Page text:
Nature seems to have given the biggest, meanest beasts pretty thick skins. Presumably, this is so they can savage their victims without being hurt themselves. Of course, these beasts were also endowed with a brain the size of a walnut, which didn’t help their dispositions. Between their thick skin and slow synapses, these monsters usually made fast and furious work of their smaller prey.
However, based upon recent reports [which may or may not be true] it appears that one of these Darwinian features – a thick skin – does not carry over to the biggest and meanest of servicers, Ocwen Loan Servicing. Instead, we are learning that it is apparently thin skinned – at least when it comes to being vilified.
The jury is still out on whether Ocwen’s brain is larger than a walnut, but the smart money is betting that it’s not.
It seems that of late, lawyers and others are reporting that when Ocwen settles a claim made against it – e.g. by offering money or some other form of relief – the company, being the sensitive beast it is, insists that the plaintiff agree never to say anything bad about it in the future. So for all these years we’ve thought that Ocwen, like Godzilla, enjoyed trashing its own reputation by gobbling up hapless homeowners; we now learn that there is a softer side of the servicer!
Here is how I imagine the settlement discussions going in the glass enclosed conference room high atop some skyscraper in New York City:
Posted in Miscellany, Q-Rants, Servicers | Tagged Servicers
Ocwen Attorney: “Alright, alright, alright! We’ll pay your client $150,000 in damages, but we’re not going to admit we did anything wrong!”
Consumer Attorney: “Hmmm. Well if you didn’t do anything wrong, why would you pay us anything? Ocwen’s got the money to drag this out forever.”
Ocwen Attorney: “I didn’t say we didn’t do anything wrong. Of course we did things wrong; we offered your client a modification but then slow-walked the process for over a year until she finally gave up. We lost her paperwork; denied receipt of her faxes; told her we had submitted the loan mod to underwriting when we hadn’t; offered mod terms that we later denied having made; and we generally toyed with your client, like a cat with a mouse, for 14 months until she retained you to sue us. I just said that as a part of any settlement, we weren’t going to ‘admit’ any wrongdoing. This is a common settlement condition we impose, even though it is patently false. Everybody knows it. Welcome to the alternative universe of Big Bank settlement agreements….”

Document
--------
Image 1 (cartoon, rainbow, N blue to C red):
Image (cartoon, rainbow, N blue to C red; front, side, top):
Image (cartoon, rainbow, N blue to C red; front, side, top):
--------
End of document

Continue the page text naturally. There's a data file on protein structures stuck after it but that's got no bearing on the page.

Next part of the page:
Consumer Attorney: “I see. Do you have any other terms I should know about, before discussing your settlement proposal with my client?”
Ocwen Attorney: “Yes, as a matter of fact, we do. We insist on your client agreeing that she will never make any statements, either orally or in writing, that would tend to cast Ocwen in a bad light.”
Consumer Attorney: “But Ocwen’s reputation is already in the tank. How could my client do or say anything worse than what Ocwen has already done to itself? How about if we agree that she won’t say anything that will tend to cast Ocwen in a worse light? Your request is about the same as asking my client to agree that Lance Armstrong isn’t a liar or Bernie Madoff isn’t a cheat.”
Ocwen Attorney: “Counsel, you don’t get it do you? We’re not saying she has to say anything “nice” about Ocwen. She just can’t say anything bad. Besides, we’re not so stupid as to think that anyone would believe anything “nice” about Ocwen. It would be like describing a scorpion as “friendly.”
Consumer Attorney: “What ever happened to ‘Sticks and stones may break my bones, but names will never hurt me’? Since when did Ocwen suddenly become sensitive to being regarded as the schoolyard bully? I thought it relished that reputation, so banks would sell it billions of dollars of servicing rights, knowing that Ocwen would pick the bones clean. Mother Nature didn’t make vultures pretty for a reason, but it never seemed to bother them.
Ocwen is a non-bank servicer – it doesn’t own the loans – it just services them. So when the Big Banks were being sued by the government for servicing abuses, they simply off-loaded their loans to Ocwen, who continued the same abuses. Now when it ends up getting mauled in court for all of its shenanigans, it merely passes a portion of the bill on to the prior servicers. There is no real incentive for Ocwen to stop acting like the carrion eater it is.”
Ocwen Attorney: “I can see you’re enjoying this repartee. I agree this condition seems a bit unusual – like Genghis Kahn going to sensitivity training. Apparently, some of our execs felt that as bad as our reputation is, we should try to improve it.
I personally don’t agree. Ocwen’s share price has actually improved as its reputation has crumbled. If I was running the railroad, I’d insist in our settlement agreements that the victims continue bad-mouthing us. So far, it’s been good for business.”